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Glucocorticoids at the Olympic Games: state-of-the-art review
  1. Ken Fitch
  1. Correspondence to Dr Ken Fitch, Faculty of Life Sciences, School of Sports Science, Exercise and Health, University of Western Australia, Crawley, WA 6009, Australia; ken.fitch{at}uwa.edu.au

Abstract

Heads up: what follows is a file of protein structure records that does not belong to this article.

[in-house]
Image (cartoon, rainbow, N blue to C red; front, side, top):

In this state-of-the-art review, the author discusses the history of prohibiting glucocorticoids (GCs) and how this has occurred over nearly three decades at the Olympic Games. He relates how prohibiting systemic GCs in sport was a major factor in the development of therapeutic use exemptions and the fluctuating status of non-systemic GCs (banned, not banned). Concern is expressed that for 2017, the World Anti-Doping Agency (WADA) is proposing to prohibit injecting GCs shortly prior to competition. The author notes that in 1986, when GCs were first prohibited, analytical chemistry techniques could not distinguish the route of GC administration from its urinary concentration. Thirty years later, this remains the case. Importantly, this article discusses how the desired pharmacological effects of injecting GCs locally and intra-articularly can be achieved and why exercising vigorously immediately or shortly after a GC injection is therapeutically unsound. The review concludes by agreeing that injecting GCs shortly prior to strenuous training or competition is medically unwise but stresses that this is a clinical matter that sport—not WADA—needs to address. Cycling and rowing have managed this successfully for the past 5 years.

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